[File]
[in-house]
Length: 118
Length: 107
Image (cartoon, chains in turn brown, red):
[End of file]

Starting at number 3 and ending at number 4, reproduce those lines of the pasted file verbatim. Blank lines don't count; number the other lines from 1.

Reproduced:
Length: 107
Image (cartoon, chains in turn brown, red):